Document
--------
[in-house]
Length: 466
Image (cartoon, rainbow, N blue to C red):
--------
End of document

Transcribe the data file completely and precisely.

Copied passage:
[in-house]
Length: 466
Image (cartoon, rainbow, N blue to C red):